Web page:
THE long-mooted cricket super league is actually upon us, in its most primitive form.
The Warrnambool and District Cricket Association will have a distinctly different flavour to it this coming summer, with several former Grassmere Cricket Association clubs joining its ranks.
There have been mergers, new identities and clubs entering the region's premier competition on their own two feet.
But what could things look like?
Woodford and Wangoom's new identity - North Warrnambool Eels - was the latest to be unveiled this past Thursday and meant just three Grassmere Cricket Association clubs are still uncertain about the future.
The Standard understands Yambuk is close to finalising a deal with Warrnambool and District Cricket Association club Wesley-CBC while Woolsthorpe and Mailors Flat are weighing up their options and trying to keep their club going.
Promotion and relegation is on the agenda and the WDCA executive is seeking feedback from clubs on the preferred format. Nothing is finalised yet.
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Promotion and relegation - perhaps most famous for its place in England's sporting landscape in both soccer and cricket - certainly has positives and negatives.
It makes every match exciting and removes needless dead-rubber fixtures between bottom teams as the season edges closer to finals.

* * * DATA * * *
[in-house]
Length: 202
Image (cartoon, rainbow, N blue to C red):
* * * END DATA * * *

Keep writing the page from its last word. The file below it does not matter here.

Every team has something to play for until the last moment. On the flip side, relegation could seriously hamper a club - as it does when teams are relegated from the English Premier League in soccer - and could prove counterproductive to a participation-first model.
How could you structure something like that? It's simple. Have a premier division, have a reserve premier competition and lower divisions below that. Start with 10 teams in the premier division this coming season, and relegate one to the reserve competition.
Promotion and relegation should only be between the top-two divisions, to ensure clubs can't have two sides in any top-tier grade.
Teams with sides in division two as their top team - namely Koroit, Northern Raiders, Nirranda, Hawkesdale, Southern Titans and the relegated team - battle it out to earn a spot back in the top flight in season two of the new system.
It's never going to keep every single club and every single person happy but at least the Warrnambool and District Cricket Association is trying to be proactive. But the game, at least in our region, won't die wondering.
The steps taken in the past few months as Killarney, Purnim, Panmure, Hawkesdale and Grassmere have made tough calls on their future will hold the game in stronger stead moving forward.
With some of the names we've seen - Southern Titans, Northern Raiders, North Warrnambool Eels - there's a nod to the fact clubs realise they must now represent a wider geographical area to remain competitive.
They must appeal to players from a wider base in a way which gives people ownership and connection of the club they play for.
There has been collaboration between the Warrnambool and District Cricket Association and South West Cricket Association on the junior front in previous years and whether that extends to seniors in future will be interesting to see.
A couple of those powerhouse clubs - a Mortlake or a Heytesbury Rebels - would really make a super league a tasty prospect.
Back to the now, though, and while nothing has been signed off or certified, news will surface in coming weeks and months.
The whisper is a promotion and relegation system may be the way the Warrnambool and District Cricket Association leans - but only time will tell.
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